Link to paper: https://rdcu.be/cjdS9
Video abstract (with lots of wonderful Shark Bay footage): https://www.youtube.com/watch?v=D1DaP7DLDdM
We are pleased to share our new publication in Royal Society Open Science titled Evidence that bottlenose dolphins can communicate with vocal signals to solve a cooperative task by StephanieL. King, Emily Guarino, Katy Donegan, Christina McMullen and Kelly Jaakkola.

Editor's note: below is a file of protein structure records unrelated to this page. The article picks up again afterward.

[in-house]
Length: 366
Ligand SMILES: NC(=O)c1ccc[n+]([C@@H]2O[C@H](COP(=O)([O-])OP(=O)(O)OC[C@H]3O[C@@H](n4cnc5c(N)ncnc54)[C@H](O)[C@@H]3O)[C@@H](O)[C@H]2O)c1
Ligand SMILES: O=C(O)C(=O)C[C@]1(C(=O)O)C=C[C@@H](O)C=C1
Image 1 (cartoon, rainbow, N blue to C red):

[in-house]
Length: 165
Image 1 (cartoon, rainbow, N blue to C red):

Abstract: Cooperation experiments have long been used to explore the cognition underlying animals' coordination towards a shared goal. While the ability to understand the need for a partner in a cooperative task has been demonstrated in a number of species, there has been far less focus on cooperation experiments that address the role of communication. In humans, cooperative efforts can be enhanced by physical synchrony, and coordination problems can be solved using spoken language. Indeed, human children adapt to complex coordination problems by communicating with vocal signals. Here, we investigate whether bottlenose dolphins can use vocal signals to coordinate their behaviour in a cooperative button-pressing task. The two dolphin dyads used in this study were significantly more likely to cooperate successfully when they used whistles prior to pressing their buttons, with whistling leading to shorter button press intervals and more successful trials. Whistle timing was important as the dolphins were significantly more likely to succeed if they pushed their buttons together after the last whistle, rather than pushing independently of whistle production. Bottlenose dolphins are well known for cooperating extensively in the wild, and while it remains to be seen how wild dolphins use communication to coordinate cooperation, our results reveal that at least some dolphins are capable of using vocal signals to facilitate the successful execution of coordinated, cooperative actions.